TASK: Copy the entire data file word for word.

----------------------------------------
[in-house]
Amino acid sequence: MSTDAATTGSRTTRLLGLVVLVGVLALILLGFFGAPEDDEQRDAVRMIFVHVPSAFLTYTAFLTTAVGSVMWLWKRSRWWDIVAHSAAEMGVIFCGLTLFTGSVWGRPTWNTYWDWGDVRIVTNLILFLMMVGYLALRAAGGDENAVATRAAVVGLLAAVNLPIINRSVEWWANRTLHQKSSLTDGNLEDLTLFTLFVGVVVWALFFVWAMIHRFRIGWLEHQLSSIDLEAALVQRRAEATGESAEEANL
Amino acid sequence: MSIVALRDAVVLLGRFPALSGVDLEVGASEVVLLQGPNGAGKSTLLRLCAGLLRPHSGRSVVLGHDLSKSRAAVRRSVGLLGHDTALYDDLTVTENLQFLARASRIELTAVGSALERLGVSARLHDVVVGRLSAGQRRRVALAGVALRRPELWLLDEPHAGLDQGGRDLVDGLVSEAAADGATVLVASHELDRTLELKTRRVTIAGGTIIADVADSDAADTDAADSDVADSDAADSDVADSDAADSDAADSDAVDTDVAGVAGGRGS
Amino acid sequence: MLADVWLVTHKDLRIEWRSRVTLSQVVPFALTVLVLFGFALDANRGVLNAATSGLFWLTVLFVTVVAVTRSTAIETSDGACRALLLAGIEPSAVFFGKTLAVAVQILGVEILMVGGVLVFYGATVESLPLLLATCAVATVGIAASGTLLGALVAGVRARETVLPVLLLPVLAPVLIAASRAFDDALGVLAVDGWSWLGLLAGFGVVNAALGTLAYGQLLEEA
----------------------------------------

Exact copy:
[in-house]
Amino acid sequence: MSTDAATTGSRTTRLLGLVVLVGVLALILLGFFGAPEDDEQRDAVRMIFVHVPSAFLTYTAFLTTAVGSVMWLWKRSRWWDIVAHSAAEMGVIFCGLTLFTGSVWGRPTWNTYWDWGDVRIVTNLILFLMMVGYLALRAAGGDENAVATRAAVVGLLAAVNLPIINRSVEWWANRTLHQKSSLTDGNLEDLTLFTLFVGVVVWALFFVWAMIHRFRIGWLEHQLSSIDLEAALVQRRAEATGESAEEANL
Amino acid sequence: MSIVALRDAVVLLGRFPALSGVDLEVGASEVVLLQGPNGAGKSTLLRLCAGLLRPHSGRSVVLGHDLSKSRAAVRRSVGLLGHDTALYDDLTVTENLQFLARASRIELTAVGSALERLGVSARLHDVVVGRLSAGQRRRVALAGVALRRPELWLLDEPHAGLDQGGRDLVDGLVSEAAADGATVLVASHELDRTLELKTRRVTIAGGTIIADVADSDAADTDAADSDVADSDAADSDVADSDAADSDAADSDAVDTDVAGVAGGRGS
Amino acid sequence: MLADVWLVTHKDLRIEWRSRVTLSQVVPFALTVLVLFGFALDANRGVLNAATSGLFWLTVLFVTVVAVTRSTAIETSDGACRALLLAGIEPSAVFFGKTLAVAVQILGVEILMVGGVLVFYGATVESLPLLLATCAVATVGIAASGTLLGALVAGVRARETVLPVLLLPVLAPVLIAASRAFDDALGVLAVDGWSWLGLLAGFGVVNAALGTLAYGQLLEEA